Working paper compared three well-known Western think tanks found shallow and opaque methods were used . Indias has been ranked 66 in Freedom in the World Index, Freedom in the World Index, Economist Intelligence Unit (EIU) Democracy Index, and Variety of Democracy indices .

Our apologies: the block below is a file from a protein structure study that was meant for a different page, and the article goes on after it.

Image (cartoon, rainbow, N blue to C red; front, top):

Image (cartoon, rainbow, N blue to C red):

New Delhi, India, November 22: With a decline in India's rankings on opinion-based global indices on topics such as democracy and freedom in recent years, a working paper that compared three well-known Western think tanks found shallow and opaque methods were used with the common thread that they are derived from findings of a few experts.The working paper Why India does poorly on global perception indices: A case study of three opinion-based indices compiled by economists Sanjeev Sanyal and Aakanksha Arora examines three categories: Freedom in the World Index, Economist Intelligence Unit (EIU) Democracy Index, and Variety of Democracy indices.It said that the government should petition the World Bank to demand accountability from think tanks that provide inputs to the World Governance Indicators (WGI).The paper, which was published in the EAC-PM Working Paper series, stated that all three indicators are almost entirely perception based and that they should not be interpreted as mere conclusions as they are translated into concrete measures such as sovereign ratings by WGI, which is based on a mixture of many of these indices.The Indian government should therefore, as a first step, invite the World Bank to demand that think-tanks that provide inputs for the WGI be transparent and accountable.Independent think tanks in India should be encouraged to study these topics and devise their own indices, according to Sanyal, who also serves as the Principal Economic Advisor in the Finance Ministry and now a member of the Prime Ministers Economic Advisory Council (PM-EAC), because these indices are primarily based on the views of a small group of unknown experts, and certain questions asked by them are not an accurate measure of democracy in all countries.The paper focuses on three well-known Western think tank networks, revealing ridiculously shallow, opaque methods.The problem is that these views are translated into concrete things into sovereign ratings (as measured by the World Banks WGI index). In a tweet, the authors said that it is time to demand more accountability from both the think tanks and the World Bank, and that Freedom in the World Index has been published by Freedom House since 1973.India's Civil Liberties Index was flat at 42 until 2018, but that number fell sharply to 33 by 2022; that for Political Rights dropped from 35 to 33.Thus, India's overall ranking has been reduced to 66, placing it in the partially free category, the same as it was in the aftermath of the Great Depression.Since the index was published, the only two other instances where India was classified as Partially Free have been during the time of the crisis and then during the years of economic liberalization in 1991-96.This is certainly unfair, given that the time of emergency, which was a period of obvious interruption of certain activities, was similar to the period of economic liberalisation or the current period, according to the journal.The paper noted that the Freedom in the World survey has assigned the territory of Northern Cyprus a score of 77, making it a democratic state. According to the EIU's Democracy Index, the think tank continues to treat Jammu and Kashmir as a distinct territory since the early 1990s and has now placed it in the category of not free, the journal said.According to the report, India has deteriorated dramatically from 27 in 2014 to 53 in 2020, before increasing a bit to 46 in 2021.The drop in ranking has been due to a decrease in the scores in the categories- Civil Rights and Political Culture.The most significant drop occurred in the category Civil Liberties, for which the value dropped from 9.41 in 2014 to 5.59 in 2020, according to the paper. In contrast, India's Political Culture ranking is much lower than Hong Kong's (7.5) and Sri Lanka (6.25).This is obviously unfair, according to the research.According to the report, the EIU does not only rely on experts' opinion but also take responses to some questions from opinion polls, if they are available (mostly from the World Value Survey (WVS).The most recent WVS survey has been published in India in 2012. According to the paper, the EIU Democracy index for India is only based on expert opinion since 2012.The paper said that although India is lower on objective measures such as the percentage of population with suffrage in the 2021 survey than Lesotho, which gained independence from Serbia only in 2008, the paper said that the indices are composed of several sub-indices and that the final indices are constructed from both types of variables.India's rank on the Liberal Democracy Index is 93.Lesotho, on the other hand, has a 60 percent mark, since having democratically elected government existed only in the mid 1990s and has since had four crises, including a military coup and emergency.Or Kosovo, which declared independence from Serbia only in 2008, has a 79 ranking. The Freedom House survey found that these organizations lack transparency about how the experts were selected, or even their backgrounds or nationalities (ask in the case of V-DEM where they state that they selected some experts from each country from different fields), according to the working paper.The report also claims that the experts' nationality and expertise is not disclosed in the survey.All of the indices, according to the editors, are based on a set of problems; therefore, simply providing the same questions for all countries means getting comparable scores for different countries, as the generic questions can be answered by experts in a different way.